|dashboard view on Michigan highway in springtime sun; click full aption|
Once a route is chosen, then widening the path requires (compulsory) property purchase and preparing the construction side by clearing all structures and vegetation. Decisions about the road bed have been researched, raw materials need to be sourced according to quality, distance, and contractor's bid price. Accounting and accountability for quality samples need inspectors and lab workers, too. Stone of various dimension, possibly recycled (old road surfaces crushed; glass, rubber) materials, steel reinforcing rods, teams of road graders, cement mixing and pouring into forms, curing, all take specifications established by experiences with other roads and with lab experiments. Blue prints encode so much knowledge, wisdom and experiences coded in visual form: angles for ramps and for road bends, rate of slope up or down, choice of paint schemes to indicate safe passing spots (for 2-way secondary roads) as well as unsafe points, signage size and verbiage least prone to ambiguity, color rules (signs for information, for commercial or cultural interest, emergency, construction ahead, electronic road conditions or traffic information. And so from concept to construction to all-weather usage by the traveling and commercial public comes together. Maintenance includes salting, plowing, recovery of wrecks, repair of minor road surface damage as well as period bridge replacement, repainting, and mowing during the growing season.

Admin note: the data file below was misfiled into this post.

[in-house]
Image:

There is the driver education, monitoring/enforcement of traffic safety codes, licensing and fees, sales and repair and routine maintenance of vehicles for business, emergency health or public safety or road service, private use, or recreation. There is car insurance (or its absence of one's coverage). All together so many things come together to make the modern wonder of personal transportation in all weather.